13 March 2012
The Benefits of Physical Education
Imagine the everyday life of a young teen. You wake up in the morning and take a shower. Eat a fatty breakfast. Then you go to school and eat a fatty snack. While you are at school the lunch is also just as bad. Go home and eat another fatty snack. For dinner you eat McDonald’s. Now imagine that for your everyday routine. Think about how much weight you would gain at a very young age. But if you took more than just one physical education class while you were in high school, you would be able to learn that you should not eat like that every single day. Regular physical activity is associated with a healthier, longer life style, and with a lower risk of heart disease, high blood pressure, high cholesterol, diabetes, and most of all obesity. Despite all the benefits of physical activity has also contributed to a sharp increase in childhood obesity in the last decade. Given the fact the regular physical activity will help younger people stay healthier, and is an essential, component of childhood development, it is important that this be included as part of the regular school curriculum. Physical education is an important aspect of any school student’s curriculum. A daily well programmed and appropriately monitored physical students to increase their self-esteem, develop the knowledge, attitude, discipline, and confidence needed to maintain active lifestyles and acquire the skills needed to develop a positive attitude towards physical activity that will last a lifetime. As young people continue to become unhealthier, the increasing need forphysical education programs throughout schools become glaringly evident in their ability to provide about diet, lifestyle and exercise.
The history of physical education goes back to ancient times, if people think of it in the simple terms of fitness.Today, people actually think of physical education more in terms of health and physical education. Indeed, probably most schools in America today even separate health and physical education classes.The history of physical education verifies that in many of the ancient cultures sports, and fitness, were a way of life. Sports were often a way for young men to develop the skills and strength necessary to be warrior (Dalleck 2) .Young women were generally not involved in these sports because the sports were associated with military training. The ancient Persians, Assyrians, Greeks, and Romans all had fitness training regimens and young men expected to serve in the military (Dalleck 2).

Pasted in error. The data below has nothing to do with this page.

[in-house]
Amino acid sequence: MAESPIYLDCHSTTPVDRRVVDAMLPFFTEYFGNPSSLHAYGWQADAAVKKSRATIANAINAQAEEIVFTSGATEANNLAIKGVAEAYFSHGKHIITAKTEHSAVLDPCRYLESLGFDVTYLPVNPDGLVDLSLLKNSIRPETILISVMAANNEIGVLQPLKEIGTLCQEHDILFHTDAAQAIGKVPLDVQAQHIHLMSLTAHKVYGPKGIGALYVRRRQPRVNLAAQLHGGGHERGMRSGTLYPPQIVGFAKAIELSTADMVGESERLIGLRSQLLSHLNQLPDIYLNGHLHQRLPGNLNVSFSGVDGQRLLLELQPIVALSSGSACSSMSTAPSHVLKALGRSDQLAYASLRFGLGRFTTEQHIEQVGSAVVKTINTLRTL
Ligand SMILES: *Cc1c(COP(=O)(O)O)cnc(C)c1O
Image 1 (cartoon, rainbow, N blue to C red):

The first modern physical education movement, which was centered on physical fitness, came in the form of gymnastics programs becoming especially prevalent in Germany, Denmark, Sweden, and Great Britain.The growth of gymnastics in Germany can be primarily attributed to the work of two physical educators: Johann Guts Muths and Friedrich Jahn. Muths invented numerous exercise programs and the equipment upon which they were performed (Dalleck 3). As you look at the history of physical education in Europe from the 18th and 19th centuries and you can see its impact on American schools. As Europeans moved to the United states they brought with them aspects of their culture, including views on education (Dalleck 3). Within Europe, schools had been an important institution used for spreading the idea of the importance of physical education to society. Physical education was woven into their educational systems.
In the United States, the early educational process focused primarily on intellectual matters. Schools concentrated on teaching traditional subjects including reading, writing, arithmetic, and religious matters. Most American schools were founded with deeply religious often Christian foundations (Dalleck 4). Physical education remained missing from the public education system for the better part of the nineteenth century. Despite the relative lack of interest in...